Denisse, Debbie, Teresa and Sonia– I owe you an overwhelming debt of gratitude for your commitment and your enthusiasm in joining the panel. When Manny asked me to “put together a panel” for Hispanicize, I thought it would be easier to master underwater basket-weaving rather than find a group of at least three people who not only were passionate about a cause, but were fluent in distributing their message across social platforms. Together, Manny and I foundfour.
As they each elaborated on their respective causes and initiatives, and as I asked them questions, I couldn’t help but be in humble awe at the magic that was unfolding. Here were four women from different corners of the U.S. with very different projects, coming together for a common purpose: to educate the public about very urgent, pressing issues in our diverse society.
We also got some wonderful questions from the audience. They went straight to the point– they each wanted to know how they, in turn, could effect change in the world using social media. We discussed how some of them are balancing their “day jobs” with their labor of love, and how we can make money while advocating for a worthy cause, too.
I think the best compliment we received after our panel was from people who friended us on Facebook immediately following our session! We were very grateful to meet people who wanted to connect with us right away.
What we need is a name for this group! Unfortunately, The A-Team, the Powerpuff Girls and Charlie’s Angels are all taken.
Those who attended the session enjoyed the wisdom of these four dynamos for about an hour. But the bond that was formed among the five of us will last a lifetime.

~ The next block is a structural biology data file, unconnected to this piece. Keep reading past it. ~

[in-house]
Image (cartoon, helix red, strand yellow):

I love you ladies. ♥
11. Meeting Janice.
You know when you have one of those moments of clarity when you just met someone, and realize that you were meant to meet all along? I had one of those moments during Hispanicize, and it wasn’t when I met Carlos, Emilio, Edward, or any of those other celebrities.
It was when I met Janice Lusky Greenspanof PRecise Communications. To call her friendly, sisterly, or even motherly at times (because I definitely needed that!), all seems inadequate. Although I’ve attended plenty of conferences in the past, in different capacities, I had never been treated quite like therock starI felt like during Hispanicize.
Janice looked out for me on behalf of Toyota Latino, and was such a fabulous facilitator of opportunities. Whenever or wherever there was someone to meet, or an event or session I absolutely needed to attend, there was Janice, making sure I didn’t miss out. I feel incredibly humbled and honored to have connected with you on such a personal level. The mofongo is on me when you come visit me! 😉
12. Honorary Mention: The Sunburn
By now, most of my friends have seen on Facebook The Epic Sunburn that literally handicapped me from doing anything other than surfing the Internet in my pajamas for about four days after returning from Miami!
Vanessa Smith and I don’t always use the best judgment when we hang out together, and we spent a long time in direct sunlight on the pool deck after the conference was over.
Great times with one of my besties! It was totally worth it, hermana. 😉
Ouch. Consider this an unofficial PSA for protecting your skin against the sun!
Mercifully, as soon as I posted a photo of my badly-burned back and shoulders (although the arms and legs were burned, too), I immediately received comments from friends, with tips and homemade remedies I could use. Literally, all of these products lived in our kitchen!
Mami had just a little too much fun mixing a potato salad on my shoulders!
The Human Salad Bar. On my shoulders: orange blossom honey, apple cider vinegar, dijon mustard, redskin potato peels. Yum.